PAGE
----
Meeting Again: Smith Fellows Retreat

Smith Fellows take a break in the Tule Elk Reserve while hiking Tomales Point at Point Reyes National Sea Shore in Point Reyes, California. 

The David H. Smith Conservation Research Program organized its first in-person retreat since the start of the Covid-19 pandemic last month in Point Reyes, California. 

The retreat joined Smith Fellows from the classes of 2020 and 2021 whose previous professional development gatherings were held virtually and served as an orientation event for the recently announced Class of 2022
Over five days, the postdocs worked on group projects, learned about natural history and conservation in California, presented on their research projects, participated in guided field trips, and explored the Point Reyes National Seashore. The retreat included virtual engagement for Fellows who could not attend in-person so that they could participate in group projects and present their research.

Class of 2020 Smith Fellows Eduardo Gallo-Cajiao (left) and Christopher Nadeau receive certificates for completing their fellowship (not pictured are 2020 Fellows Brenna Forester, Desirée Narango and Kennan Oyen). Right photo: 2021 Smith Fellow Shayle Matsuda presents on his research project on the microbial consequences of translocation for coral reef conservation. 

After two-years of virtual meetings, the opportunity to connect and collaborate in-person was instrumental in helping the Fellows form relationships, advance group projects, and develop a sense of shared experience and bonding that cannot be replicated by video.

"One of the most valuable aspects of the Smith Fellowship is the relationships we build with our cohort, and no amount of zoom time can replace in person connection," Class of 2021 Fellow Shayle Matsuda, Ph.D., said. "The experiences I enjoyed the most in that regard were the off the cuff moments - walking to the conference room, sharing dinner outside on the patio, walking the trails at Point Reyes - where we really got to know one another and bond." 
A coral biologist whose Smith Fellowship focuses on the microbial consequences of translocation for coral reef conservation, Matsuda organized the San Francisco-based activities for the retreat, including a behind-the-scenes tour of the California Academy of Sciences. 
"I was so grateful for the opportunity to bring together folks from two communities that mean a lot to me," he said. "I did my masters at the California Academy of Sciences, and it is a very special place to me. I believe that natural history collections are so important to conservation research - looking to the past can inform so much about how we understand conservation challenges of today. It was great to have the opportunity to share that with the fellows, as well as to explore the natural beauty of Pillar Point, another place dear to me."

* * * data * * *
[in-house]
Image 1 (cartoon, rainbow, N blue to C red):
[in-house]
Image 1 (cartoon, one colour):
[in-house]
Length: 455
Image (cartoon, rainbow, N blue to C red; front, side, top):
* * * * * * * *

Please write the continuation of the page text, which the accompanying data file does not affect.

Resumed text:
Smith Fellows at the California Academy of Sciences where they received a behind the scenes tour of collections at the Academy and explored the museum. 

The Fellows also learned about sustainable oyster farming and the unique marine environment and intertidal lands of Tomales Bay where scientists and Hog Island Oyster, Co. collaborate to promote healthy ecosystems and sustainable seafood supply. Gary Fleener, Ph.D., led the fellows on a tour of the oyster farming operations at Hog Island Oyster Co. in Marshall, CA where he works as science, sustainability and education specialist. 

Hog Island Oyster Company Science, Sustainability and Education Specialist Gary Fleener (center) discusses Hog Island sustainability farming and business operations with Smith Fellows. Pictured left to right: Rachel Scarlett, Miranda Bernard, Fleener, and Ann Marie Gawel.  

The Smith Fellows will meet again later this year in Washington, DC on a policy-centered retreat. And while Covid-19 remains a challenge to designing and organizing in-person events, Smith Fellows Program Director Shonda Gilliland is glad to bring the fellows together with minimal external distractions and uninterrupted time to work on group projects, solve problems and bond through shared experiences. 

"Our simple goal for this retreat was to spend as much time together and outdoors as possible," said Smith Fellows Program Director Shonda Gilliland. "The community the Smith Fellowship supports is one of its greatest strengths and retreats are a critical way fellows connect as both scientists and humans, current cohorts can establish relationships with Smith alums, and we all learn about local conservation issues, often reminding us why we were drawn to this field and this work - in-person retreats are absolutely reinvigorating!" 

Prior to visiting the California Academy of Sciences in San Francisco, the Fellows explored the tide pools at Pillar Point. Class of 2021 Smith Fellow Israel Borokini handles a crab that was briefly caught on the tour. 

About the David H. Smith Conservation Research Program
The Smith Fellows Program is a two-year postdoctoral fellowship that identifies and supports early-career scientists who will shape the field of applied conservation science. David H. Smith Conservation Research Fellowships are available to post-doctoral researchers (of any nationality) affiliated with a United States institution, proposing research that addresses pressing conservation issues for the United States.
The Smith Fellows Program is accepting proposals for the Class of 2023 cohort. Learn more and submit a proposal to be a Smith Fellow.